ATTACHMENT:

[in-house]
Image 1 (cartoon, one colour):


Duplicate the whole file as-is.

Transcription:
[in-house]
Image 1 (cartoon, one colour):